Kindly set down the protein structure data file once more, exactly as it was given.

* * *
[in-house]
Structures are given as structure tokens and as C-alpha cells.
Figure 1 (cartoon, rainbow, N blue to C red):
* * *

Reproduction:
[in-house]
Structures are given as structure tokens and as C-alpha cells.
Figure 1 (cartoon, rainbow, N blue to C red):